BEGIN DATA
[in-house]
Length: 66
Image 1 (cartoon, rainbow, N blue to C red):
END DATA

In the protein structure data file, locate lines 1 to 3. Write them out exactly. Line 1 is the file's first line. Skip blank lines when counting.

[in-house]
Length: 66
Image 1 (cartoon, rainbow, N blue to C red):